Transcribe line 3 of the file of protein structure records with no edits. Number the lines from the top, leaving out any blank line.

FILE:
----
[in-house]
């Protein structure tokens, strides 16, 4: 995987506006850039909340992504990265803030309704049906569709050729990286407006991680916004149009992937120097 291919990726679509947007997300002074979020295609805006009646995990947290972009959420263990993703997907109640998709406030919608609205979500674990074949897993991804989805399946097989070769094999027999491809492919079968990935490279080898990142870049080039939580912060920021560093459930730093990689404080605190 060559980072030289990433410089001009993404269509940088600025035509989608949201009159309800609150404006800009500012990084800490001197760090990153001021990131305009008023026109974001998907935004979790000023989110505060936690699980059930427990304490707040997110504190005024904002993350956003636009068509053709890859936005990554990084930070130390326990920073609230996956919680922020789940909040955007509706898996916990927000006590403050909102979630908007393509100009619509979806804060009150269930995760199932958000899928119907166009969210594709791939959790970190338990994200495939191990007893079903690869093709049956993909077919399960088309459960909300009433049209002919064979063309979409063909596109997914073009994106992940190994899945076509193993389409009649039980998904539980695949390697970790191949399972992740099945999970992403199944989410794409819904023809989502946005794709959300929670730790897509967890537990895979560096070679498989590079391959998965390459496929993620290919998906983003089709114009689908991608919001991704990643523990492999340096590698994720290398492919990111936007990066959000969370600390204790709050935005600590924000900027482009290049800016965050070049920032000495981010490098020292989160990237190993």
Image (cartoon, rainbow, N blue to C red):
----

Image (cartoon, rainbow, N blue to C red):